Introduction: Parkinson’s disease (PD) is a chronic progressive movement disorder, affecting primarily people over sixty years of age. With aging populations, some estimates indicate as many as nine million people will be impacted by this disease by 2030. Thus it is imperative to identify means of prevention, delay of onset, and management of symptoms. Many elements of diet and nutrition have been investigated to accomplish these goals. This review will examine recent studies of potential diet and nutrition factors and PD incidence.
Methods: A PubMed Search was conducted using the keywords “Parkinson, prevention and nutrition”, and “Parkinson, prevention, and diet.” Search parameters were limited to articles published in English, and published between 2005 and February 2015. Results: Nineteen studies were selected for closer evaluation, with twelve ultimately included in the analysis. Selected papers all included large samples (N > 200), comparisons of individuals with and without diagnosed PD and detailed descriptions of how nutritional intakes were assessed.
Conclusions: Several specific dietary components emerged as being of potential importance in PD prevention. Dairy products, most specifically liquid whole milk, were identified as increasing PD risk. Coffee and black tea, but not green tea, seemed to be protective, most likely due to their caffeine content. Vegetables from the solenaceae family, specifically peppers, had a protective effect, possibly due to their nicotine content. Mediterranean diet adherence, with a relatively high intake of vegetables, may also be protective. The role of dietary fats is not yet clear. Dietary cholesterol was found to be protective in men, but not women, with dietary mono-unsaturated fatty acids being protective in women but not men. These results are consistent with a preliminary report for the 2015 US Dietary Guidelines, which addresses diet and risk of neurodegenerative disorders for the first time.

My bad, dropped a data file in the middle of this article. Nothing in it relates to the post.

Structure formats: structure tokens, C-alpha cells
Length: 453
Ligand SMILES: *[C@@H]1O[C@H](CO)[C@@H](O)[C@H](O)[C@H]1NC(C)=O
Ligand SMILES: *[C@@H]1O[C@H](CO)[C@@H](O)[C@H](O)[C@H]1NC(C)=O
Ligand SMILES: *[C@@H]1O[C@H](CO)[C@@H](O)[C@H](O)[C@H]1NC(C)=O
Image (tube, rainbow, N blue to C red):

Gaba, Ann, "Recent Studies on Nutrition and Parkinson’s Disease Prevention: A Systematic Review" (2015). CUNY Academic Works.